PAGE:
African-American politician and lawyer Edward T. Lewis served as a member of the Louisiana House of Representatives from 1865 to 1867.
Supreme Court judge, civil rights advocate. Born Thoroughgood Marshall on July 2, 1908 in Baltimore, Maryland. The great-grandson of a slave, he graduated as valedictorian from Howard University Law School (1933) and soon began to represent civil-rights activists.
Former President and CEO of the National Association for the Advancement of Colored People.
US representative. Born December 22, 1883 near Lafayette, Alabama. Mitchell grew up on a farm and went to Tuskegee Institute in 1897 to work as an office boy for Booker T Washington.
Lawyer and judge, born in New Haven, Connecticut, USA.
Barack Hussein Obama was born Aug. 4, 1961, in Honolulu, Hawaii. His father, Barack Obama, Sr., was born of Luo ethnicity in Nyanza Province, Kenya. He grew up herding goats with his own father, who was a domestic servant to the British.
Politician David Paterson is the first African-American governor of the state of New York.
Public official and pastor who became a prominent liberal legislator and civil-rights leader. During his tenure in the House of Representatives, he played a leading role in the passage of nearly 50 major pieces of social legislation.
Born Colin Luther Powell on April 5, 1937 in New York City. The son of Jamaican immigrants, Powell was raised in the South Bronx and graduated from the City College of New York.
One of the most prominent politicians in Harlem, Charles Rangel was a founding member of the Congressional Black Congress and is currently serving his 19th term in the House of Representatives.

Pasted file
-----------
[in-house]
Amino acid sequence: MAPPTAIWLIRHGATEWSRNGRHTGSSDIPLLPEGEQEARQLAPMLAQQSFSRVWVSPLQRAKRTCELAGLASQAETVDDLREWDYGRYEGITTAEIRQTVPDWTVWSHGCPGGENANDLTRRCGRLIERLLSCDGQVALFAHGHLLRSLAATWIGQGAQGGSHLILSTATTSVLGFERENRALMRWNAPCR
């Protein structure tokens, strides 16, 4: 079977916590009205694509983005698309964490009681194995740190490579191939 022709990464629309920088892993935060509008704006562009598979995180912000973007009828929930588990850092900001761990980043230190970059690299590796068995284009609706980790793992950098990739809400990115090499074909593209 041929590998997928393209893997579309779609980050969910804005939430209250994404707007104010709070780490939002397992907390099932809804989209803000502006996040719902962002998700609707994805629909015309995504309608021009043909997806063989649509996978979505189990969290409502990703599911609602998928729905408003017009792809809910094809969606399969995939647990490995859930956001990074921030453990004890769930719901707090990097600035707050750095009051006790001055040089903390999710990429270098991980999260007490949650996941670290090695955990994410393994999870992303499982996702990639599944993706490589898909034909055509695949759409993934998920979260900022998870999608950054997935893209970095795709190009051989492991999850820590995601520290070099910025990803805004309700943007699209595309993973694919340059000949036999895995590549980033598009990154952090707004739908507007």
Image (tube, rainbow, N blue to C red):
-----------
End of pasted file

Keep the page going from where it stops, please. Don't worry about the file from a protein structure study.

Charlotte E. Ray became the first woman to become a lawyer, graduating in 1872 from Howard University School of Law.
Protestant minister, US senator, educator. Born c. 1883 in Fayetteville, North Carolina.
Academic, Republican politician. Born November 14, 1954 in Birmingham, Alabama. The only child of a Presbyterian minister and a teacher, Rice grew up surrounded by racism in the segregated South.
Foreign policy advisor, Susan Rice became the first African-American woman to become a United States Ambassador to the United Nations.
Social and political activist, religious leader. Born Alfred Charles Sharpton, Jr., on October 3, 1954, in Brooklyn, New York.
Entrepreneur, model. Simmons serves as president and creative director for Phat Fashions, which includes the popular Baby Phat and Phat Farm clothing lines.
Entrepreneur. In 1984, he and partner Rick Rubin founded Def Jam Recordings, creating the foundations for hip-hop and signing hip-hop pioneers including the LL Cool J, Public Enemy and Run-D.M.C. His Def Comedy Jam also launched the careers of aspiring comedians.
Lawyer, businessman, civil rights activist. Percy Sutton represented Malcolm X, was a Manhattan borough president, and was responsible for the renovation of the landmark Apollo Theater in Harlem. He also invested in media companies such as WLIB, making it the first black-owned radio station in New York.
Judge. Born June 23, 1948 near Savannah, Georgia. Shaped by his poor-but-proud family and his Catholic schooling, he went on to graduate from Holy Cross College and Yale Law School and to espouse conservative views on the situation of his fellow African-Americans.
Housing administrator, cabinet member. Born Robert Clifton Weaver on December 29, 1907 in Washington, D.C. Weaver received a doctorate from Harvard University in 1934 and served as a member of President Franklin Roosevelt's informal 'Black Cabinet' from 1933 to 1942.
Politician. Born Lawrence Douglas Wilder on January 17, 1931 in Richmond, Virginia. The grandson of slaves, Wilder attended racially segregated elementary and high schools and graduated from Virginia Union University in 1951.